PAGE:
"we shall see," stated i-gos.
"what shall we see?" asked a warrior.
"we shall see whether o-tar visits the chamber of o-mai."
"i shall be there myself and if i see him i will know that he has been there. if i don't see him i will know that he has not," explained the old taxidermist.
"is he quite mad, mr. hastings?"
"i honestly don't know. sometimes, i feel sure he is as mad as a hatter; and then, just as he is at his maddest, i find there is method in his madness."
in spite of her laugh, mary was looking thoughtful this morning. she seemed grave, almost sad.
"are you incredulous, crito?"
"indeed, i am; for if he did say so, then in my opinion he needs neither euthydemus nor any one else to be his instructor."
"perhaps i may have forgotten, and ctesippus was the real answerer."
"it is absurd," he says, "to imagine that the statue of a saint can speak, and that an inanimate object not possessing the vocal organs should be able to utter an articulate sound." upon the other hand, he protests against science imagining that, by explaining the natural causes of things, it has explained away their transcendental meaning.
"when the tears on the cheek of some holy statue have been analysed into the moisture which certain temperatures produce on wood and marble, it yet by no means follows that they were not a sign of grief and mourning set there by god himself."
agatha, having finished her book by dint of extensive skipping, proceeded to study pathology from a volume of clinical lectures. finding her own sensations exactly like those described in the book as symptoms of the direst diseases, she put it by in alarm, and took up a novel, which was free from the fault she had found in the lectures, inasmuch as none of the emotions it described in the least resembled any she had ever experienced.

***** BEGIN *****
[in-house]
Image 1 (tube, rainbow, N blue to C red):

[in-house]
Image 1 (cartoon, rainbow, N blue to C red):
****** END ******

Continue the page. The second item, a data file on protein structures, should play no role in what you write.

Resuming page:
"survey of cornwall," tells us a strange story of a dog in this town, of whom it was observed that if they gave him any large bone or piece of meat, he immediately went out of doors with it, and after having disappeared for some time would return again; upon which, after some time, they watched him, when, to their great surprise, they found that the poor charitable creature carried what he so got to an old decrepit mastiff, which lay in a nest that he had made among the brakes a little way out of the town, and was blind, so that he could not help himself; and there this creature fed him.
and so commending ourselves to god, we followed the same road which we saw the shepherd take, expecting every moment that the coast-guard would be down upon us. nor did our expectation deceive us, for two hours had not passed when, coming out of the brushwood into the open ground, we perceived some fifty mounted men swiftly approaching us at a hand-gallop. as soon as we saw them we stood still, waiting for them; but as they came close and, instead of the moors they were in quest of, saw a set of poor christians, they were taken aback, and one of them asked if it could be we who were the cause of the shepherd having raised the call to arms.